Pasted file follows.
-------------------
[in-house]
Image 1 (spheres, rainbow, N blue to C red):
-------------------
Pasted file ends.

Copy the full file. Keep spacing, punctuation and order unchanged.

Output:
[in-house]
Image 1 (spheres, rainbow, N blue to C red):